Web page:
Your Stories

One of our Trans Programme Assistants, Zane Robinson, caught up with the fabulous performer Kate O'Donnell to talk about her latest show - "You've Changed".

Kate O'Donnell

“Hi Kate, it’s really great to chat to you, particularly in the wake of your tour! How is You’ve Changed going?

Really well. We are nearly done for 2017 - since August we have done the show 30 times! Twenty of those in the Edinburgh Festival. It’s a tiring show as I basically transition from Fred Astaire to Gingers Rogers, recreating dance routines from the 1930s.

In terms of gender, you’ve likened today to the 1930s – could you explain a bit more what you mean by this?

I transitioned in 2003, which may seem quite recent, but in trans terms, that’s a long time ago. So in this show I put myself in the 1930s, as basically 14 years ago, no one had a clue. It was all about living in stealth back then and “passing”, like being in a silent movie with no voice.

You make a point in your tour that it’s been 14 years since you transitioned. What kind of changes have you seen in society in regards to gender in those 14 years?

Well we have Trans Pride now - you were lucky to find trans people 14 years ago! They were hidden and didn’t want to be seen out together, as we were vulnerable. This really is our golden era; it’s unrecognisable. We are much more of a community now: more visible, more vocal, more political. The T in LGBT only got added to organisations like Stonewall and yourself in the last few years. We were in the Dark Ages 14 years ago - the ‘Trans Dark Ages’ as I call them.

What has been your experience of media and arts engagement as a trans woman?

Ok now this is interesting. There can be a narrative about the trans story that the media want to portray and often it’s not very positive. Sad, lonely, lost, vulnerable trans people. Cut to me - out and positive with a new trans theatre company, Trans Creative. Some press, TV, and radio don’t know what to do with that. It doesn’t fit their story. The media often struggle to see us as vibrant, happy in relationships, and getting on with our lives. In terms of the arts, I am calling the shots. It’s my voice, my story, no one is representing me - I am. That feels positive to not be edited or slotted into that stereotype.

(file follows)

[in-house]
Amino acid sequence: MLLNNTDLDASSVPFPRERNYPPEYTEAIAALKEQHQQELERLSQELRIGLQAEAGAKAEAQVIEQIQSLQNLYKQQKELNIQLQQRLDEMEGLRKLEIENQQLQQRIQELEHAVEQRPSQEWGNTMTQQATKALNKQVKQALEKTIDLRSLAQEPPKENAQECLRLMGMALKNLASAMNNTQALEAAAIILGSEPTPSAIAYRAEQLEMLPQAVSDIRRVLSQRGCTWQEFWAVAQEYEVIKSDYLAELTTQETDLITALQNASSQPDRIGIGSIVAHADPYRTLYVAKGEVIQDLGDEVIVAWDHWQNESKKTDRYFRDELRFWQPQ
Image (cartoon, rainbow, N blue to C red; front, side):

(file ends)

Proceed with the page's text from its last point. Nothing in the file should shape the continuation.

What advice would you give for a trans person who is looking to engage in arts, acting, and performance?

This is the time to do it. When I tried to make work ten years ago, I was told it was too niche. Today I get a call every week about a TV, radio, or theatre project. So be yourself. Work hard, be nice (it’s a tiny industry, word gets round if you’re not!), get as much experience as you can - free and paid - and keep going. I came back to performing when I turned 50, so if I can do it, anyone can.

Where do you envision society’s attitudes towards trans people in the next ten years?

I think it’s our attitude that we should be working on in the next 10 years. We spend too much time worrying about society’s attitudes. We need to live authentic, unapologetic, full lives and if society sees that, their attitude will change. I always say, if you’re waiting for someone to approve you being trans, you will be waiting a long time. I think politically and legally, things need to be in a better place so we have the same rights as any other human on the planet. With the review of the 2004 Gender Recognition Act coming up, hopefully things will feel more like 2017 and not like 1930!

Thanks Kate – good luck with the rest of your tour from everyone at LGBT Foundation!”